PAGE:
THE LANDMARK VIEW
How crazy is this? Brook Park School in LaGrange Park records its highest scores on the Illinois Standards Achievement Test (ISAT), but at the same failed the exam. And by its “best-ever” scores, we mean it. Fully 92 percent of Brook Park students taking the exam either met or exceeded state standards in reading or math.
The trouble for Brook Park is that a subgroup of students, identified as low-income, did not hit the ever-rising benchmark set by the state for reading. As such, Brook Park is a failed school, according to the No Child Left Behind law.
To be sure, No Child Left Behind shined a light on the achievement of students that traditionally fell through the cracks, and forced school administrators to face that problem head on instead of relying on higher-achieving students to carry the day.
Of course, one trouble with NCLB is its goal of requiring every student in the nation to achieve at grade level in both reading and math by 2014. That’s fantasy. Yet, instead of rewarding schools for improving the performance of students who traditionally were left behind, schools like Brook Park are “failing,” because they aren’t hitting an arbitrary benchmark.
Another problem is that the benchmarks and even the test itself have changed over the years, providing a moving target. And each state in the union produces its own exams, so it’s tough to compare achievement nationwide.
For the past two years writing was part of the ISAT test. Students typically fared poorly on that section, and the grading of the writing portion has been criticized as perfunctory. The solution has been to drop writing on the test all together. Will this make for better writers, or does it just bury an inconvenient bit of information – that U.S. school children just don’t write very well?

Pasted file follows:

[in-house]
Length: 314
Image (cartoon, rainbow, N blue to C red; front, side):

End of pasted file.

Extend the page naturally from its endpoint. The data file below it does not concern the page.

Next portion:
In 2007, eighth-grade math scores jumped statewide after the state board of education decided to change the way it recorded math scores. Did it reflect achievement, or something else? And in 2006, the state hired a new company to produce the ISAT test. What change did that have on scores? Who knows?
In 2008, students with limited English skills were required to take and pass the test given to native English speakers, because the state board didn’t come up with an alternate exam in time for that year. Predictably, those students didn’t fare well.
And while school districts say their teachers don’t teach to the test, it’s clear that the curriculum has to reflect what’s being tested for fear of being branded a “failed” school. Meanwhile, there never appears to be any meaningful enforcement against schools that are truly failing their students. The schools remain poor performers year after year without any improvement in sight.
Standardized tests are an important way of determining the quality of instruction at a particular school and the focus the ISAT test has placed on children traditionally at risk for failure has been laudable.
But we continue to argue that reliance on one test to determine success or failure is a short-sighted and extremely restrictive way to educate the nation’s children. We need to develop a nation of critical thinkers, not robots pushing test-strategy buttons.